After having completed the sauna porch first, the remainder of the summer was given over to working on the cabin porch.
This allowed the sauna porch to grow into its role and begin to mold itself to its surroundings and situation. This sounds all organic and nice, but what it really means is that the roof and floor were sagging in spots.
I had expected and tried to plan for this – so I wasn’t too upset or concerned. When I had lag bolted the structure together, I had only put one bolt in each area so that it would act more as a pivot, and allow the wood to move around each other.
On a recent trip to town, Kenny and I had purchased a dozen 10″x10″ patio stones that were about 1 1/2″ thick. I reasoned that they would fit perfectly under my deck blocks and allow me to accomodate that much movement, in conjuction with the screw mounts that each post was mounted with.
I spent a day cleaning off the porch, and then was ready to proceed.
I started on what I felt to be the lowest side of the sauna – as the summer progressed I experienced the sensation of “falling off” the porch more and more along that side of the sauna as the outside edge dropped an inch or two compared to the inside edge.
Using my 2 tonne jack and a solid piece of firewood (in conjuction with several scrap pieces of two by six), I raised it up until it showed level on the floor.
I repeated this process at each post, working my way clockwise around the sauna. Where it was a small adjustment, I simply screwed out more of the post jack. Where it was a larger adjustment, I backed the screw off completely, removed the deck block and scraped off the frozen soil (it was a challenge in some places to remove the deck block as the ground had already developed a frozen crust).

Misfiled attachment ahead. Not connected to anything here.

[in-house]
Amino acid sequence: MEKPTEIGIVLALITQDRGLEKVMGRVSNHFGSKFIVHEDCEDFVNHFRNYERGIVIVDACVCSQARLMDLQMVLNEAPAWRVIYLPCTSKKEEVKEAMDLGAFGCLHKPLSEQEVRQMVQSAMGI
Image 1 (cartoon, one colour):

Then, I replaced the deck block and jack, and, with much cursing and finagling, I was able to further slide a patio stone under the deck block, and return the screw support to a position ensuring that the floor was still level.
Frustratingly, because the screw jack and the deck block were inset in one another, it was not possible to install the supports from the ground up. Instead, I had to install the stack from the top down. This was a real challenge. I think if I have to do it again, I will enlist an assistant to try to slide the patio stone under while I hold up the deck block.
It took the better part of the morning and early afternoon to adjust all twelve posts on the sauna. I don’t believe I have to do anything with the cabin yet, as it was built completely level, and I can’t see any signs of it sagging yet. Perhaps under a snow load that will accelerate the process (although that will also occur when the ground is likely frozen and unlikely to have much give either).
With the sauna porch levelled, I then moved on to installing the remaining lag bolts at the important load points. This went quite well, I pre-drilled the holes to ensure that the support boards wouldn’t split, and then used my impact driver to put in the lag bolts.
Finally I yanked and kicked the posts until they were as vertical as possible, and installed hurricane ties near to each one to keep them there. This had the added effect of levelling off the roof of the sauna porch in a location that had become noticeably “humped” where the post was tipping outwards and forcing the outside edge of the roof higher than at the posts on either side.
Stepping back and admiring my handiwork, I can honestly say it looks really good now (it doesn’t hurt that I spent another day just clearing off the tools and building materials that had accumulated over the course of the summer). When I think back to the spring and just how much the snow had deformed the roof, I’m pleased as punch, but not a little apprehensive to see how things go this winter.